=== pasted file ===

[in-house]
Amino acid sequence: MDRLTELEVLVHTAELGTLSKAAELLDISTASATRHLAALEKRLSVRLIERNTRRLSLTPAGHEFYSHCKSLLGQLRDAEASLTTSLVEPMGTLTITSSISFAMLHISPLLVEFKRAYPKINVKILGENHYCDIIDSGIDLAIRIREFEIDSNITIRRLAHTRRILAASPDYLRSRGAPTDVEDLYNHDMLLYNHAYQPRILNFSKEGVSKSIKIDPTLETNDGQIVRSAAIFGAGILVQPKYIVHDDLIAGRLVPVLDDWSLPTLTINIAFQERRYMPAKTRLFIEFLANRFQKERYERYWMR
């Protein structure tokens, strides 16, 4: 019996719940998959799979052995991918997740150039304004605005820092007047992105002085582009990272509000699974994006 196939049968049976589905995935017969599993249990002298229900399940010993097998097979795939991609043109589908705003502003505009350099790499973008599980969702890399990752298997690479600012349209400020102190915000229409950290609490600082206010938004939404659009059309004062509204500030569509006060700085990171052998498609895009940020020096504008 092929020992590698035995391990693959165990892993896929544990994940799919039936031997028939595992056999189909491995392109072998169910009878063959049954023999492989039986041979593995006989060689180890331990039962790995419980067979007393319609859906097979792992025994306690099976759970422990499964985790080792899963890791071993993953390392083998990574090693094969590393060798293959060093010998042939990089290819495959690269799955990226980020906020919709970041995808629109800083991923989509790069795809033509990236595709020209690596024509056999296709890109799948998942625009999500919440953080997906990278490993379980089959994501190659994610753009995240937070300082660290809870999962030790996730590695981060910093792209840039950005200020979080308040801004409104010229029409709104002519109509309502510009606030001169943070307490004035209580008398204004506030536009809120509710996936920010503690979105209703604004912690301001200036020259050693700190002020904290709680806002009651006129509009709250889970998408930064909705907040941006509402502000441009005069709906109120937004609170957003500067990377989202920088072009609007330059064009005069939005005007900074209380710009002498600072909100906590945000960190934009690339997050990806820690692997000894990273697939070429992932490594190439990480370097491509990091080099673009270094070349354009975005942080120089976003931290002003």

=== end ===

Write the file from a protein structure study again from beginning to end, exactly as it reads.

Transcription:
[in-house]
Amino acid sequence: MDRLTELEVLVHTAELGTLSKAAELLDISTASATRHLAALEKRLSVRLIERNTRRLSLTPAGHEFYSHCKSLLGQLRDAEASLTTSLVEPMGTLTITSSISFAMLHISPLLVEFKRAYPKINVKILGENHYCDIIDSGIDLAIRIREFEIDSNITIRRLAHTRRILAASPDYLRSRGAPTDVEDLYNHDMLLYNHAYQPRILNFSKEGVSKSIKIDPTLETNDGQIVRSAAIFGAGILVQPKYIVHDDLIAGRLVPVLDDWSLPTLTINIAFQERRYMPAKTRLFIEFLANRFQKERYERYWMR
């Protein structure tokens, strides 16, 4: 019996719940998959799979052995991918997740150039304004605005820092007047992105002085582009990272509000699974994006 196939049968049976589905995935017969599993249990002298229900399940010993097998097979795939991609043109589908705003502003505009350099790499973008599980969702890399990752298997690479600012349209400020102190915000229409950290609490600082206010938004939404659009059309004062509204500030569509006060700085990171052998498609895009940020020096504008 092929020992590698035995391990693959165990892993896929544990994940799919039936031997028939595992056999189909491995392109072998169910009878063959049954023999492989039986041979593995006989060689180890331990039962790995419980067979007393319609859906097979792992025994306690099976759970422990499964985790080792899963890791071993993953390392083998990574090693094969590393060798293959060093010998042939990089290819495959690269799955990226980020906020919709970041995808629109800083991923989509790069795809033509990236595709020209690596024509056999296709890109799948998942625009999500919440953080997906990278490993379980089959994501190659994610753009995240937070300082660290809870999962030790996730590695981060910093792209840039950005200020979080308040801004409104010229029409709104002519109509309502510009606030001169943070307490004035209580008398204004506030536009809120509710996936920010503690979105209703604004912690301001200036020259050693700190002020904290709680806002009651006129509009709250889970998408930064909705907040941006509402502000441009005069709906109120937004609170957003500067990377989202920088072009609007330059064009005069939005005007900074209380710009002498600072909100906590945000960190934009690339997050990806820690692997000894990273697939070429992932490594190439990480370097491509990091080099673009270094070349354009975005942080120089976003931290002003």